The weight young people carry these days is overwhelming. They are bombarded with contradicting media messages and societal pressures that encourage them to make life-devaluing choices. Many of them fall prey to these messages that promise hope and happiness, but end up leading them into a destructive lifestyle.
In March 2016, twelve student leaders gathered together and, over the course of three days, took a long, hard look at both their personal lives and their school culture. These students identified the common factors that prevent their school community from fully embracing every individual as inherently valuable. Mentored by Signal Hill and the creative team at Glass Canvas, these extraordinary young people created a campaign that exposes the lies perpetuated by the media and challenges their peers to value every person they meet.
Today we’re delighted to talk with Carrie Davidson, Executive Director of Signal Hill, about her experience working on The Value Project.
Can you tell us about The Value Project and what inspired it?
The purpose of The Value Project is to empower this generation with the important message of valuing every person and teaching them they are valuable and that they have a voice. It came out of a desire to invest in young people, because people have invested in me. These students are our future leaders. We need to empower them now and help develop them into greater leaders of tomorrow.
Why was it so important to have young people create the campaign themselves?
I knew that these young students would be the best people to talk to their peer groups because they know what they are facing. They know the issues and they know what their peers are going through because they, themselves, are living in the midst of a culture that devalues people regularly. These young people need to be released from a society that says you need to be older and more educated before you can make an impact. Whereas, I think, anyone can make an impact if they are passionate about something.
What was it like working with the students?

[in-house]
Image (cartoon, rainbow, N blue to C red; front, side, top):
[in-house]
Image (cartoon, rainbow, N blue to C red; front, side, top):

It was amazing. They were motivated, passionate, and so determined to overcome any obstacles that arose. They could have just quit, but they didn’t - they rose to every challenge. Their ideas and concepts were incredible and they knew what their school needed. Each campaign catered to meet the needs of that school. They would innately know if something wasn’t going to work in their school and they would adjust the campaign as needed.
So, each group of students brings back a specialized presentation to their school – why is it important that the presentations are unique to each school?
Each campaign catered to the specific culture of each school. For example, every group created a series of large posters that had two images with the caption “Who is more valuable?” However, the images changed for each school. For example, one school placed a high value on good grades and getting into professional programs, so there’s a social hierarchy with the professions at the top. So the team chose contrasting images of a businessman on one side and a tradesman on the other side, challenging their classmates not to equate value with social status or education.
Another school had several students with Down Syndrome, and at times those kids were treated differently. So that team chose a picture of someone who didn’t have Down Syndrome and someone who did. Again, the question was asked, do we value everyone for their own worth and dignity or do we judge based on physical appearance or other abilities or disabilities?
Tell us about a personal highlight you had during the filming of The Value Project.
The highlight for me was seeing these young people recognize that they themselves are valued and that they have a voice. It was beautiful to watch them grab a hold of this important message and go out and impact their school for the better. They were just on fire. They were more motivated after our time with them than during – something awakened in them and they are not turning back.
Are you planning on doing more with The Value Project?
Yes! We have plans to grow The Value Project. After seeing the impact in the schools and in these students we need to reach more schools and empower more young leaders to carry on this important message of the value of every person.